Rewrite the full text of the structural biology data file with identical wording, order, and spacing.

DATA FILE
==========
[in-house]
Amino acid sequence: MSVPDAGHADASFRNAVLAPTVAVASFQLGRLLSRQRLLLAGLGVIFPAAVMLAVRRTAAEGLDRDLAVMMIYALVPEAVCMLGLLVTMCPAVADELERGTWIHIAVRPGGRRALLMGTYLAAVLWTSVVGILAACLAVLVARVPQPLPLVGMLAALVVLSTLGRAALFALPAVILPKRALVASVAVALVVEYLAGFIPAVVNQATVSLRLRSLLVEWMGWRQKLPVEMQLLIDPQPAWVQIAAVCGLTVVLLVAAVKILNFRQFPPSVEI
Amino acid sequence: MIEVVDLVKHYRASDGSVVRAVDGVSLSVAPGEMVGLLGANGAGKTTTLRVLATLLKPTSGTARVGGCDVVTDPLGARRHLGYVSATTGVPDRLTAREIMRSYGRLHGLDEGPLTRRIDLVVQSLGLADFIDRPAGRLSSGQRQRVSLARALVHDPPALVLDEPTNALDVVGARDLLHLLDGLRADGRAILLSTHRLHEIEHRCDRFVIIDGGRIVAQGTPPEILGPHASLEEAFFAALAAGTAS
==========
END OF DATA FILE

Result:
[in-house]
Amino acid sequence: MSVPDAGHADASFRNAVLAPTVAVASFQLGRLLSRQRLLLAGLGVIFPAAVMLAVRRTAAEGLDRDLAVMMIYALVPEAVCMLGLLVTMCPAVADELERGTWIHIAVRPGGRRALLMGTYLAAVLWTSVVGILAACLAVLVARVPQPLPLVGMLAALVVLSTLGRAALFALPAVILPKRALVASVAVALVVEYLAGFIPAVVNQATVSLRLRSLLVEWMGWRQKLPVEMQLLIDPQPAWVQIAAVCGLTVVLLVAAVKILNFRQFPPSVEI
Amino acid sequence: MIEVVDLVKHYRASDGSVVRAVDGVSLSVAPGEMVGLLGANGAGKTTTLRVLATLLKPTSGTARVGGCDVVTDPLGARRHLGYVSATTGVPDRLTAREIMRSYGRLHGLDEGPLTRRIDLVVQSLGLADFIDRPAGRLSSGQRQRVSLARALVHDPPALVLDEPTNALDVVGARDLLHLLDGLRADGRAILLSTHRLHEIEHRCDRFVIIDGGRIVAQGTPPEILGPHASLEEAFFAALAAGTAS